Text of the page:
Turning cheeks and pages
Professor Thak Chaloemtiarana has published a collection of essays on gender, nationalism, sexy Egyptian mummies and racing cars in modern Thai literature
Egyptian mummies who come to life as sexy nymphets. Thai princes driving fast cars. A Thai superwoman who casually murders several husbands. Starlets touting breast-enhancement techniques. For a book about "nationalism and identity in modern Thai literature", this volume has a few surprises.
Red Till It Shatters, Thak's book ANU Press
Thak Chaloemtiarana is best known for a classic study of the military dictator, Sarit Thanarat. In a serendipitous late-career move at Cornell University, he shifted to teaching and researching on Thai literature rather than history and politics. Thak had never suffered the highly conservative approach to literature taught in Thai universities, but drew on state-of-the-art theory (especially post-colonialism) and his own enthusiasm for reading. The resulting articles were so fun and fresh that the Young-ish Turks of the Thai literary scene promptly translated and published them in Thai. Here, Craig Reynolds has midwifed a collection of the English originals, and the Australian University Press offers them as a free download. The title -- Read Till It Shatters, after a Thai idiom meaning to read analytically -- hints at the book's impact.
The first novel translated into Thai was Marie Corelli's Vendetta, a mystical melodrama of marital infidelity and revenge, published in 1901/2. The translations quickly became so popular that in 1914, government passed an act to encourage Thai stories rather than more trashy imports. A publisher commissioned Khru Liam, a translator, to write the first Thai novel, with a title that was a counterblast to Corelli (meaning roughly No Revenge) and a Buddhist theme of turning the other cheek. Khru Liam churned out 730 pages, by his account in only 22 days. The work fulfilled the publisher's brief, but went much farther in its portrayal and criticism of the urban society of its time. An ordinary provincial man weds a beautiful wife and brings her to Bangkok, where she is corrupted by the city's amoral society, abandons her husband, and is punished by the loss of her beauty. Later in life they meet again, he forgives her, she repents, and her beauty is restored. The reader is titillated by the graphic accounts of the city's salacious life, and then gratified by the Buddhist ending of virtue bringing its own reward in real time.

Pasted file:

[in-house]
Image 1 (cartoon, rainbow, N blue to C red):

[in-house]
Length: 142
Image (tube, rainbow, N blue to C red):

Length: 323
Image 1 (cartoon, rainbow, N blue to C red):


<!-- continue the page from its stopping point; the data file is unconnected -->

The book did not sell well. It disappeared from sight, and was rediscovered only in 1997. Thak suspects that the social commentary was "ahead of its time", and that the readership wanted exotic foreign novels rather than a local product. Khru Liam seems to have drawn the same conclusion. He churned out another 400 pages, claiming it was an English novel translated into Thai. He adapted the plot from Rider Haggard's She, which he had already translated, but upped the titillation level by introducing female Egyptian mummies who come to life as irresistible sex objects and then collapse into a heap of bones -- the ultimate male fantasy of sex without consequences. This, too, did not sell, perhaps because Khru Liam admitted his subterfuge in an afterword.